We all knew the iPhone was a big deal. But it has gone beyond that. At this point, every big media brand is finding a way to get on Apple’s ultra hot device, along with its sibling iPod Touch, as fast as possible.
Now comes the biggest show on television. Subscription satellite radio. And one of the biggest sporting events of the year:
-Fremantle Media’s “American Idol” app includes exclusive video confessionals, along with news updates and a “ranking” system for fans to pick their favorites. No full episodes (Fox isn’t ready to let go of that broadcast cash cow), but plenty of ways to keep up and just enough exclusive content to probably make fans willing to pay $2. The LA Times has a good reviews here
-Struggling satellite radio company Sirius/XM isn’t looking to sell an application on the iPhone, but to use it as a new distribution device for its service that might help sign up subscribers (or retain existing ones) without making the buy radios. Distributing the content via wi-fi should be relatively easy, since Sirius already streams on the Web. But getting consistent streams out via a normal cellular connection would be particularly impressive and could finally make satellite radio (still the best radio content out there, price concerns aside) mobile.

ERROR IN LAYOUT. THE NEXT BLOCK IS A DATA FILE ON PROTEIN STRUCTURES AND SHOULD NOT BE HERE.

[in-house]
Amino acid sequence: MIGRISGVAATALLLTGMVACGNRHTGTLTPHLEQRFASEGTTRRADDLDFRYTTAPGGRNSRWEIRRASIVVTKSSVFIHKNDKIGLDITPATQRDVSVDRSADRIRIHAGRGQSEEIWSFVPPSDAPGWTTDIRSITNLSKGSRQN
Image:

-CBS Sports, which has already made a fortune with free streaming of NCAA basketball games on the Web (selling nearly $30 million of sponsorhips already), is taking a stab at the iPhone too. Since advertising on the device is still very difficult, it’s charging $5 for an app that streams every game (via wi-fi only) from the tournament to the device, along with brackets, scores and stats. And those who don’t buy the app can get individual Final Four games for $2 each. Given how fanatical sports fans can get about the NCAA — especially those of us who bet money on it — this seems like it could be a really popular offering. The only obvious element missing is fantasy sports: the ability to track your own brackets. No doubt that’ll be coming by next year and from numerous providers.